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Symposium 2010

Proposal - Stopping Human Trafficking

The Challenge

At least 12 million people worldwide are trapped in conditions of forced labor, a fifth of them being exploited as a result of human trafficking. These forms of modern day slavery have become one of t ...

At least 12 million people worldwide are trapped in conditions of forced labor, a fifth of them being exploited as a result of human trafficking. These forms of modern day slavery have become one of the most profitable and most horrifying businesses in the world. Human trafficking and coerced labor are said to be the fastest growing source of income for organized crime and its third most important source after drugs and the arms trade.

1. Raise awareness on risks of trafficking and exploitation

A globally coordinated campaign should raise awareness of the scale and real nature of human trafficking and labor exploitation. The campaign should be based on pooled resources of governments, NGOs, international organizations and the media. Higher levels of awareness are essential to protect migrants from wrong choices and lower social tolerance of exploitative working conditions. Migrant-sending countries should specifically target potential migrants and provide objective information on the risks of trafficking and exploitation. To be comprehensive and meaningful, such information must include illegal migration options. Political sensitivities about the illegal nature of some options may place NGOs in a better position to help migrants assess their risks of trafficking and exploitation. Migrants should also be informed on their rights abroad including potential complaint mechanisms.

2. Protect and empower migrants and victims abroad

Migrants and victims of human trafficking need to be better assisted. Abroad, all foreign workers should be able to seek effective help and legal protection irrespective of their legal status. Besides toll-free numbers, assistance could be given in “One Stop Shops” that include victim rehabilitation and psychological assistance. These centers could be run by NGOs or public authorities, but should be detached from police or border enforcement agencies. Migrants should be facilitated and encouraged to file complaints against exploitative employers, recruiters and traffickers without having to fear legal consequences themselves. Besides, embassies should establish special task forces and assistance centers to offer alternative ways to protect their nationals working legally and illegally abroad.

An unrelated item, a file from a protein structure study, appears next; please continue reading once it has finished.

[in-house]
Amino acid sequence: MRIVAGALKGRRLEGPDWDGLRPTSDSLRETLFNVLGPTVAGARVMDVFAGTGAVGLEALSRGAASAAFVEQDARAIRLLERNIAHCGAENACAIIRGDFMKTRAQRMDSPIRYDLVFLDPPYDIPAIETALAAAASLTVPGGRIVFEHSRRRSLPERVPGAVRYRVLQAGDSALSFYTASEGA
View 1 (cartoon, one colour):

3. Supervise employment agencies and recruitment processes

Employment and recruitment processes must be subject to more scrutiny and taken out of the shadows. Migrant-sending and receiving governments should coordinate the regulation of recruitment agencies and improve working conditions of all migrants. Only employment agencies with certified practices should be allowed to operate across borders. Work contracts should be standardized, easily understandable and contain clear regulations with regard to payment of wages, overtime and retention of identity documents. To minimize instances of debt bondage and wage arrears, migrants’ remuneration should be subject to independent control, e.g. via the supervision of wage payments to migrant accounts.

4. Toughen laws and enforcement at the national and global level

Trafficking and exploitation should be punished as a severe penal offence in both sending and receiving countries, with punishment going beyond mere monetary fines. National and international laws should be strengthened and more resources are needed to aggressively investigate and prosecute traffickers, exploitative employers and recruitment agencies who violate laws. This may require special cross-border prosecution units, which incorporate both police and labor inspection agencies.

5. Foster private sector initiatives to clean the supply chain

Forced labor and trafficking should be made a core issue of supply chain and human resource management. High-risk suppliers should be asked to be certified by third parties or agree to be audited against established codes of conduct. More generally, businesses should raise awareness among their employees, clients and suppliers and give targeted training sessions to its upper and lower management. Moreover, firms should be given incentives for monitoring and cleaning the supply chain. One way is to reward good practice e.g. via international prices and awards. Another way is to establish certificates for “slave-free labor”. In severe cases, firms should also be hold responsible for the use of intermediate products which have been produced under extremely exploitative conditions.

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